Milk and cream of tartar can serve as a buttermilk substitute. Combine 1 cup of milk with 1 3/4 teaspoons (5 grams) of cream of tartar. Mix well and let it sit for a few minutes before using it in your recipe. This mixture offers a similar acidity to buttermilk, making it a helpful alternative.

Lactose-Free Milk and Acid

A glass of lactose-free milk and a bowl of acid substitutes for buttermilk on a kitchen counter

Lactose-free milk and acid make a great buttermilk substitute for those with lactose intolerance. Combine 1 cup of lactose-free milk with 1 tablespoon of acid. Common acids include:

  • Lemon juice
  • White vinegar
  • Apple cider vinegar

Stir well, and let the mixture sit for a few minutes to thicken. Use this blend in your recipes as a one-to-one replacement for buttermilk.

Sour Cream and Water

A bowl of sour cream and a pitcher of water sit on a kitchen counter, ready to be used as substitutes for buttermilk in a recipe

Here’s a quick buttermilk substitute: Mix 3/4 cup of sour cream with 1/4 cup of water. This creates a tangy and creamy liquid, similar in taste and consistency to buttermilk. Use this mixture as a 1:1 substitute for buttermilk in your recipes.

Plain Yogurt and Water

A bowl of plain yogurt and a glass of water sit on a kitchen counter, ready to be used as substitutes for buttermilk in a recipe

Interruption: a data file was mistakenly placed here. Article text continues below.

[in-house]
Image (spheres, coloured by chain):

Short on buttermilk? Plain yogurt mixed with water is an excellent alternative. Just combine equal parts yogurt and water to create a similar consistency to buttermilk. This substitute works well in recipes like pancakes, muffins, and scones.

Remember to whisk the mixture for even incorporation. You’ll love how yogurt tenderizes meat in marinades, too!

Kefir

A glass of kefir sits next to a measuring cup of vinegar, with a bowl of milk in the background

Kefir is a fantastic alternative to buttermilk, especially for baking. Its similar taste, acidity, and texture make it a seamless substitute in recipes like scones or biscuits.

To use kefir as a buttermilk replacement, simply swap it at a 1:1 ratio in your recipe. This will give your baked goods a light and fluffy texture, just like buttermilk would.

Give kefir a try next time you need a buttermilk substitute for a delicious and satisfying result.

Buttermilk Powder

A bowl of buttermilk powder next to a measuring spoon and a liquid measuring cup filled with water. A whisk sits nearby, ready to mix the powder and water together